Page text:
I entered the Army as a second lieutenant in October 1968, the year that America’s involvement in the Vietnam War reached almost a half-million troops. I rejoiced when I was assigned to train on Nike Hercules missiles, even then an obsolete air defense system. There were no Nikes in Vietnam. I would be safe from war.
I was assigned to a Nike unit outside Travis AFB. Planes left Travis day and night carrying troops bound for the fighting, but my life was practically civilian-like. I had evenings off. I had my own apartment. I dated the woman who would become my wife.
Lieutenants are given a laundry list of extra assignments. One of mine was “notification officer.” If a soldier from the Fairfield area was killed in Vietnam, I would have to notify the next of kin.
Me, a wet-behind-the-ears, just-graduated college kid.
My first call came at breakfast. I was given the address of woman who didn’t yet know she was a widow.
I felt queasy knocking on her door. I had a flimsy script to recite. It didn’t begin to do the job.
All I remember is the wailing as I opened my mouth and the woman’s living room melted in agony.
My second call was a mom whose son was no more. As soon as she opened the door and saw my uniform, she began trembling.
She admitted me, then ran from the living room, convulsing with tears.
I sat there on her couch, feeling as empty as a person can be.
Watching the Ken Burns-Lynn Novick documentary, “The Vietnam War,” brought all that back.
Many people I know want no part of this documentary. It was such a miserable war. More than 58,000 American dead ... and for what? To keep Vietnam from becoming Communist? It did become Communist.
When the 10-part, 18-hour series debuted on PBS last fall, I stayed away too. Having come of age in the ‘60s as the war reached its crescendo, I feared how history might judge me.
That war was the backdrop for my college years. While most of the people I was closest to were vehemently anti-war, I was joining ROTC. My ROTC participation guaranteed that I would be in uniform as the war raged.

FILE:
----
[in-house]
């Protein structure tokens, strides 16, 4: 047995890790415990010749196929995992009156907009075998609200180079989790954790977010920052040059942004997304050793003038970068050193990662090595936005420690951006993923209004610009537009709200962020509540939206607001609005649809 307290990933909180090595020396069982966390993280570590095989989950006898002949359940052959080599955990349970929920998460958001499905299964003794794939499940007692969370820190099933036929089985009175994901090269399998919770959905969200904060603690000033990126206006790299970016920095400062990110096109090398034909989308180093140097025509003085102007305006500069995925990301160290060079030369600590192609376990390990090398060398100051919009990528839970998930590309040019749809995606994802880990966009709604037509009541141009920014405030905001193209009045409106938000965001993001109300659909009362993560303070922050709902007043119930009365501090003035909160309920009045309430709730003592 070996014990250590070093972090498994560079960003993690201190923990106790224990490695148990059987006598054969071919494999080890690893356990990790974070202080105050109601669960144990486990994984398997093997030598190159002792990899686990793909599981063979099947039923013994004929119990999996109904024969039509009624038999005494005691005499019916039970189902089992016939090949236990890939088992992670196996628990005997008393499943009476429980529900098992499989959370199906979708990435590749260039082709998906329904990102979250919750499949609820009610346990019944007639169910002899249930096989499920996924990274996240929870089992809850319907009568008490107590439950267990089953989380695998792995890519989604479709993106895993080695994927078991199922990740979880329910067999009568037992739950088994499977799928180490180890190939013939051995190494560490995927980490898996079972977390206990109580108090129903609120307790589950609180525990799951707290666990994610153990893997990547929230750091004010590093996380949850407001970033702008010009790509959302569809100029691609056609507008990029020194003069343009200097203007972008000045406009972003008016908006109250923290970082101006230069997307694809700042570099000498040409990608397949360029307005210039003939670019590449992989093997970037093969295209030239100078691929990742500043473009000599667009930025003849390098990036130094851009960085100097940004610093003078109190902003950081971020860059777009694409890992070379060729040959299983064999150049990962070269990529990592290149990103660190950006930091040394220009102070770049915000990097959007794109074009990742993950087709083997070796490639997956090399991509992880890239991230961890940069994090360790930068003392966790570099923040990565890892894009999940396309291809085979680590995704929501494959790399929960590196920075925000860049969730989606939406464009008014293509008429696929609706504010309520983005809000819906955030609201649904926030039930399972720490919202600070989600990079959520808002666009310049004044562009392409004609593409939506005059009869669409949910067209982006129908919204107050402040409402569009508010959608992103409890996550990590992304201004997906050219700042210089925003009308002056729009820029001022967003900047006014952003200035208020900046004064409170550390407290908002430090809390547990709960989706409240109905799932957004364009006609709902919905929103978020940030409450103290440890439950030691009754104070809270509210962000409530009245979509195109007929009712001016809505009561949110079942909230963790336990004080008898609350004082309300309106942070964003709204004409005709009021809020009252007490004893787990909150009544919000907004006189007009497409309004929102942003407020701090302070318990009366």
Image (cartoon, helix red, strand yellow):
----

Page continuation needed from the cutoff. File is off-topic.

From today’s perspective, in today’s vernacular, I was not woke.
My dad, who served in the Army in WWII, had suggested ROTC when I went off to Rutgers in 1964. If you have to serve, do so as an officer, he advised.
Even after I began to question the war’s validity, I stayed the course. I would do my two years on active duty and hope for the best. I would do my dad proud.
Watching “The Vietnam War,” I wondered why I had been so compliant, so oblivious to the war’s misguided underpinnings.
Lyndon Johnson lied to the American people. So did Richard Nixon. Both had been told the war was not winnable, yet they persevered, escalating the deployment of troops and bombers.
Neither president had the political courage to cut our losses. Each had hoped to win the next election and not be blamed for America’s first major military defeat.
Most Americans bought those lies. They considered themselves patriots. They believed the best of their country.
American kids can be persuaded to fight any enemy, any time, one former soldier says. Where were the trusted leaders who made sure this war was worth it?
“The Vietnam War” is about the saddest thing I’ve ever watched. Soldiers full of idealism arrived for their 12- and 13-month tours in Southeast Asia only to slowly realize that the enterprise was insane.
These moments of disillusionment are tearjerkers. Repeatedly, aging warriors choke up as they tell their stories. And I, in my Napa living room, cried with them.